Remember the fact that the situation is always analyzed from case to case, and the analysis is not always simple. Do not make the mistake of giving up your domain immediately, before getting a specialized opinion; you might be surprised to find that you (too) may be entitled to it. A few months ago, a client from the online area, asked me to check a name he wanted to use in his new domain. Before contacting me, he had received a formal notification from a company in Germany which owned a community brand (thus, protected inclusively in Romania) and demanded the immediate transfer of the domain. The client got scared and accepted the transfer, opting for a re-branding and the pertaining costs, without asking for an expert's opinion. Understandably, in the case of the new domain name he registered, he was diligent and looked for help. But, unfortunately, he also found out that he had a strong case to keep the initial domain he had given up.
Concerning the new gTLDs, you can find here an infographic drawn by the Internet Corporation for Assigned Names and Numbers (ICANN) regarding the manner in which owners can protect their brands in the online environment, following the "revolution" of the new domain names (for example, by registering in the Trademark Clearinghouse).
Trademark Clearinghouse is a centralized database (made available by ICANN and managed by Deloitte and IBM), where owners can choose to include their brand during the Sunrise period and register the pertaining domains. The brands, after being validated, have priority to the registration of the new gTLDs, and the owners of the brands are notify when a third party is trying to register a new gTLD that includes the respective brand, thus, avoiding the unpleasant situations when they have to fight in order to regain the respective domain.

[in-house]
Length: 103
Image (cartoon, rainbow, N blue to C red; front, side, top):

You can check the status of any new gTLD by accessing this link . And if you wish to find out more details about the .tech domain, you can view this presentation.
In conclusion, who gets to win in the conflict between brands and domain names? I would dare say that, in general, the winner is the owner who is best informed and who better knows his rights and knows how to use them to his own advantage.
I would say that, in the future, the new domain names will generate rather serious problems for the owners of brands. The companies, including those in the IT industry, which are offering services and products available in several geographical areas, must adapt to the new picture created by the interference between brands and domain names and focus more on their legal strategy in the online environment. But it is important to remember also that there are always options to solve the conflictual situations resulted from using the brands and the domain names. It's up to you to choose the one that is most appropriate to the actual situation you are dealing with, and this thing is possible only if you are well informed or correctly advised on time.
by George Rus